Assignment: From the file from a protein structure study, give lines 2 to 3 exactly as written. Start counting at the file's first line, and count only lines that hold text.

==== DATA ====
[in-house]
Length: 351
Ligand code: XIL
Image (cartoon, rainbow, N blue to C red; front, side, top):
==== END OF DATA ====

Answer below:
Length: 351
Ligand code: XIL